The problem with the current debate over the exercise of presidential war powers in the Persian Gulf is that the more loudly Congress asserts its right to be consulted, the less credible becomes President Bush's threat to drive Saddam Hussein from Kuwait by force. Thus anti-war noises, in a perverse way, may well make war more likely.

If the Iraqi dictator begins to believe that congressional protests constitute a veto, he may try harder to wait out the blockade and hope that the coalition against him dissolves. That is not an argument for congressional silence. It is an argument for forethought and caution.Increasingly, in its skittishness congressional criticism of the Gulf buildup recalls the old nonsense song:

``Mother, may I go out to swim?'

``Yes, my darling daughter.

Hang your clothes on a hickory limb,

But don't go near the water!'

Congress has given George Bush overwhelming permission to swim. But the nearer he creeps to the water's edge of military action, the closer Congress comes to forbidding him to swim.

In the fashion of the television age, moreover, much of the advice from Capitol Hill has little to do with the pros and cons of war. Most of it takes the captious form of warnings that war is (as if the president didn't know it) very unpleasant, and that (as if the president didn't know this as well) the American people will not take it lightly if the boys start coming back from Saudi Arabia in ``body bags.'

The body bag, that gruesome image of Vietnam, has become the great anti-war symbol, and there is no doubt of its power. But such warnings are redundant and unhelpful, since they have more to do with the symbolic or psychological consequences of failure than with any clear calculation of national interest. They recall George F. Will's observation that if there had been television cameras at Antietam, the United States today would be two nations - or perhaps more.

If you believed congressional rhetoric, you would be forced to conclude that the choice before the nation is between the exercise of military power and the exercise of television's right to bring whatever it pleases to bring into our living rooms. And maybe, in fact, that would be an accurate appraisal of the actual choice.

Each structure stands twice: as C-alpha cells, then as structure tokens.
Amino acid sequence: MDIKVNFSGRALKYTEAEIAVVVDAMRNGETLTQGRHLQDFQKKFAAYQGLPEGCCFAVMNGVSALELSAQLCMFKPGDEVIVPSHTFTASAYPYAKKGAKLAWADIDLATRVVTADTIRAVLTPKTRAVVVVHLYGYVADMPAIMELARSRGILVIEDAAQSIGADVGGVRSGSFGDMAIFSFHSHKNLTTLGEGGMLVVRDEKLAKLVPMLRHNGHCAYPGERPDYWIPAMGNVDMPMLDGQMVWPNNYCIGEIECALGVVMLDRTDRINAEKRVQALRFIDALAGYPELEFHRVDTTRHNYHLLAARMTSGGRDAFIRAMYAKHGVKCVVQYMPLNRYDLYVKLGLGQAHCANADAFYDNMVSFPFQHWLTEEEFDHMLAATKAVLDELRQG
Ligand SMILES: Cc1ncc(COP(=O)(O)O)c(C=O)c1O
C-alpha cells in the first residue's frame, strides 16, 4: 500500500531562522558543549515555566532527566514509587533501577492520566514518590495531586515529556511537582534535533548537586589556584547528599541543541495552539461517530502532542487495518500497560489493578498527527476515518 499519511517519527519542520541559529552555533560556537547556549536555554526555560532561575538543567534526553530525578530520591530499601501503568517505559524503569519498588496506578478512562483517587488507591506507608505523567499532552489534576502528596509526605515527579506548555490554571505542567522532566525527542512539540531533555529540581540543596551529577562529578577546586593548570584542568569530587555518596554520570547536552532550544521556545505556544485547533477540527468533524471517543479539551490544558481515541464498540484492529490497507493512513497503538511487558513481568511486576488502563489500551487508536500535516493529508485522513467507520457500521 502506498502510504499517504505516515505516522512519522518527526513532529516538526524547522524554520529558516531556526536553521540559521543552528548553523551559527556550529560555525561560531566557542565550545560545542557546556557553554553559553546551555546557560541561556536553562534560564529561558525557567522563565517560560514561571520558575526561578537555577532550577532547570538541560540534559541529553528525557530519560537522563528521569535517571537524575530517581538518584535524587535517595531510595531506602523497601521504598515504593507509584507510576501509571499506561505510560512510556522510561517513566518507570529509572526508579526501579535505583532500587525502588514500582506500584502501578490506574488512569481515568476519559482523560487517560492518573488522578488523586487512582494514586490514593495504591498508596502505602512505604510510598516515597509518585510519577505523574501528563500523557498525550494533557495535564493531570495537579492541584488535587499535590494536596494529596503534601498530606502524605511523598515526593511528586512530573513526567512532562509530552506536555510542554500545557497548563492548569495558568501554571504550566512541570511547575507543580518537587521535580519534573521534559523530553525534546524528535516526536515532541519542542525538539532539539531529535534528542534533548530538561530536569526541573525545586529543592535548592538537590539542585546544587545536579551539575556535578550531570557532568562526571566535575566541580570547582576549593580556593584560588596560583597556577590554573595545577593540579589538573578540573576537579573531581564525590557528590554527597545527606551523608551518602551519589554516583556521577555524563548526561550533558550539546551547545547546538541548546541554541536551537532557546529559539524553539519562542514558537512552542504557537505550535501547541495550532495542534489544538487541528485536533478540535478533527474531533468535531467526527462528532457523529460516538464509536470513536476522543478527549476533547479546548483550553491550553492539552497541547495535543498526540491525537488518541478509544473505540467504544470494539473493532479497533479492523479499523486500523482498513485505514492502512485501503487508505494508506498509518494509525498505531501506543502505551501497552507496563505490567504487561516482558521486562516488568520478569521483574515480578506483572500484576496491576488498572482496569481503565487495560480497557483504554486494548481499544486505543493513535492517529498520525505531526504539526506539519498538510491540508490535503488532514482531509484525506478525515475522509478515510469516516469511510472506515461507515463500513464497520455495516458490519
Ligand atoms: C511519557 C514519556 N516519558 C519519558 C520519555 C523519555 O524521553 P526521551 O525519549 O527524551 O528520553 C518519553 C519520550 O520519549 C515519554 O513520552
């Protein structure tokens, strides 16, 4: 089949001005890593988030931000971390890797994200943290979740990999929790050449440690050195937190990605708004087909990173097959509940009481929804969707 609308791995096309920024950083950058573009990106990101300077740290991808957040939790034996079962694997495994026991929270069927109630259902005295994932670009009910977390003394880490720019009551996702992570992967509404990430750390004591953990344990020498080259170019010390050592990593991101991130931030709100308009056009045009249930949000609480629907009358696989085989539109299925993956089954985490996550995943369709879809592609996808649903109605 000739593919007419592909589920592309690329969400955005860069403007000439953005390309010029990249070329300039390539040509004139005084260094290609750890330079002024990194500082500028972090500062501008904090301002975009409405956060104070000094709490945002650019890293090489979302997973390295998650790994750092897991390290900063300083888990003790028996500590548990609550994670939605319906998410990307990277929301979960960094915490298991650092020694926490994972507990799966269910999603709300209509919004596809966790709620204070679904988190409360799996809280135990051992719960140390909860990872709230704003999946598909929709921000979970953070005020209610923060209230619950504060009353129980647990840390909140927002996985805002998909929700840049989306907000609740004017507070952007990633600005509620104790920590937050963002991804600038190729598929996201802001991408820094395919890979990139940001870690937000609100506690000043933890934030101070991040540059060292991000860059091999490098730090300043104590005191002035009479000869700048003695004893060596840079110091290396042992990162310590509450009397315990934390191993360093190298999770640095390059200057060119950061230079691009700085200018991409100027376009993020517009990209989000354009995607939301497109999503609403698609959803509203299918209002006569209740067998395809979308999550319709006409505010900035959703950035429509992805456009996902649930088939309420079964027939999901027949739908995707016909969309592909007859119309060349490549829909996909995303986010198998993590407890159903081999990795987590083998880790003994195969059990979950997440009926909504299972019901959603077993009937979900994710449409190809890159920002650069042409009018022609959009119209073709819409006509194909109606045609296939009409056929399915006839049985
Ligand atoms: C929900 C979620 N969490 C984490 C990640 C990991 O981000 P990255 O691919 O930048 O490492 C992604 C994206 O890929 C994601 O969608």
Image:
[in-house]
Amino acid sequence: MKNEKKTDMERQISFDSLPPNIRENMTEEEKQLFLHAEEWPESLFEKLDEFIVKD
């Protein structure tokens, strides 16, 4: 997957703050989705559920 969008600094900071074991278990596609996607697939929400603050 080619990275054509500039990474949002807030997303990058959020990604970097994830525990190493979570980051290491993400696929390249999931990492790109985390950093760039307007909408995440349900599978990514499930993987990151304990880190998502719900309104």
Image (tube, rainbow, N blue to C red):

Something else has changed, however. With the passing of the Cold War and the U.S.-Soviet confrontation, the balance of war powers is shifting back toward Congress - just as for the first 40 years of the atomic age it gravitated towards presidents.

So long as nuclear war was the paramount danger, and deterrence relied on instantaneous decision, the delegation of large discretion over war and peace to presidents was essential. Deterrence made no sense otherwise. Presidents tended, moreover, to stretch this mandate to include all sorts of situations in which the danger of nuclear confrontation was remote.

Now the high tide of presidential discretion is passing, and that plainly means more consultation with Congress. Of course, tactical surprise - especially in desert warfare - is important. But that advantage can hardly outweigh an explicit constitutional directive. And the directive is plain. Congress has the power to declare war.

Article I, however, does not say ``Congress alone...' nor does it explain how a ``commander in chief' can deploy a force which Congress declines to authorize. Which is why wise people do not regard the perennial argument over war powers, now or ever, as a clash of absolutes, in which one side or the other should or must prevail.

The real question today is not whether Congress has the power to declare war. Clearly it does. The question is whether Congress really wants to be asked to exercise it. That question was asked of Speaker Thomas Foley not long ago. The speaker described it as ``a very good question,' and declined - wisely, it may be - to answer it directly.

Another way of asking the question is this: Does Congress actually want to share the responsibility of a war decision in the Gulf? Or does it merely want to warn the president in vague terms while reserving its ancient right to praise success and attack failure?

At having it both ways on every vital issue, the Congress of the United States has no shortage of past masters.

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